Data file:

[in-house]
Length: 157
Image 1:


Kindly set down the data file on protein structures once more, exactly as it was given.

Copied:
[in-house]
Length: 157
Image 1: